I understand the predicament this puts you and my project members in and will work diligently to catch up on the assignment as soon as possible if you grant the extension. 

I look forward to your response. 

Sincerely,

Your Student [Name]

An email notifying a professor of a change in mood or behavior while grieving

Mood and behavioral changes are often a part of the grieving process. And, unless someone knows what you're going through, they may assume other influences, such as alcohol or substance abuse, are at play. 

Your teachers and professors may be required to report any changes they notice in their students to the school administration. Before they start to raise suspicion, it may be good to let them know what you're going through. 

Although many people suffer in silence, changes in their outward behavior and demeanor may not always be so easy to hide from the people they know and frequently interact with at home or school. Consider letting your teacher or professor know what you're dealing with to avoid potentially painful situations later to defend your grief to others.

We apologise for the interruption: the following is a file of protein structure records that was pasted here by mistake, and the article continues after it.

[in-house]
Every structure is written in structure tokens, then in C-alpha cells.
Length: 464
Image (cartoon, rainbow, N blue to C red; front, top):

Consider this email example if your changes in mood or behavior may be a concern. 

Dear Professor [Name], 

I hope this email finds you well. My name is Sammy Student, and I am in your Creative Writing class that meets on Mondays at Noon. 

I recently suffered the loss of a close family member, and I've struggled to adjust to my grief these past few weeks. I'm not sure anyone's noticed any changes in my personality or behavior, as I have tried to keep my grief to myself while in class. 

There's no doubt I'm having difficulty coping, and I've already contacted student mental health services to help me through this challenging time. Please be advised that I may seem disconnected and withdrawn in class due to my grieving. I am working on understanding and processing my grief and wanted to bring that to your attention. 

Of course, you're under no obligation to make any special accommodations for my sadness, and I want to let you know the reasons for any changes in my behavior or mood in the last weeks. 

Sincerely,

Your Student [Name]

Telling Your Professor About Your Loss 

Grieving the loss of a close loved one is a challenging experience that usually takes your mind and focuses away from everything else you have going on in life. Students find it difficult to concentrate on their schoolwork and will likely fall behind on assignments due to absences. One of the best practices to correct the course is openly communicating with your professor about your loss, so they know your unique circumstances.